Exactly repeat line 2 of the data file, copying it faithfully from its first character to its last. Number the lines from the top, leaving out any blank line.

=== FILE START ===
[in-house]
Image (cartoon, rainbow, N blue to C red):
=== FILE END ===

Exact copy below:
Image (cartoon, rainbow, N blue to C red):